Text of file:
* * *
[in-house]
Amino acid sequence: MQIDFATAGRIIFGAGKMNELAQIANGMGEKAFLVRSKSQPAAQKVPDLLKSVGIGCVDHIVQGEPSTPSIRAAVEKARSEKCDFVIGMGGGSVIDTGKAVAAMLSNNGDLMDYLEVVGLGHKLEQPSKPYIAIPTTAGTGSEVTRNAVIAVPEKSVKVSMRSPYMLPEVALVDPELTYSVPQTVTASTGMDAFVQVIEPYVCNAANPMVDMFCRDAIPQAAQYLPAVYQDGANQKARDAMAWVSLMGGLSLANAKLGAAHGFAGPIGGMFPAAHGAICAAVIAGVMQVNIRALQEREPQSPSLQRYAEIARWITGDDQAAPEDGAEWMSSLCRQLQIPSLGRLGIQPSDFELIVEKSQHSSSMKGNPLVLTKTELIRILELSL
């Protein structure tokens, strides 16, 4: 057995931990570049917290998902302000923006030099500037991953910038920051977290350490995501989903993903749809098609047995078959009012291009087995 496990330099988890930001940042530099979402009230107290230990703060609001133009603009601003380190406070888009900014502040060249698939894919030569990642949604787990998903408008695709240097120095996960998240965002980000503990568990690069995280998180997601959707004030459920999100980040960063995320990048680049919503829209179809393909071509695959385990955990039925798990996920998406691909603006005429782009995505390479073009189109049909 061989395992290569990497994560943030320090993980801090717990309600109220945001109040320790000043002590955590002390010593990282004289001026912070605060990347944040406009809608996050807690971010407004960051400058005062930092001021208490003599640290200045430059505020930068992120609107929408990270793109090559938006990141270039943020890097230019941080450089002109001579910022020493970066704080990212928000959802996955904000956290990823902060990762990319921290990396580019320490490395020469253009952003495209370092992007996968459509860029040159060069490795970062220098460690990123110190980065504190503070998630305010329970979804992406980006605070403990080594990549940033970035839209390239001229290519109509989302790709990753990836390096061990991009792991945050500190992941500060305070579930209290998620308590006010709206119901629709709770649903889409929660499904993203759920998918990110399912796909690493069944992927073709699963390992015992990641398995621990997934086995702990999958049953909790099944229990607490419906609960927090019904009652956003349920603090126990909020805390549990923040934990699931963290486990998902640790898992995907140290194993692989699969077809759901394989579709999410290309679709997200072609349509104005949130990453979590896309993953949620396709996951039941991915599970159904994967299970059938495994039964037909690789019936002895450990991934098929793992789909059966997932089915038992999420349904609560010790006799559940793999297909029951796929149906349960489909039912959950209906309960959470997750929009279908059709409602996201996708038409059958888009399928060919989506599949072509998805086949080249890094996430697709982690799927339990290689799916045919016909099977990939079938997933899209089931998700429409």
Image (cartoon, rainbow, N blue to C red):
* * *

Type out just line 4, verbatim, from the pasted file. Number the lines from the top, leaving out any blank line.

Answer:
Image (cartoon, rainbow, N blue to C red):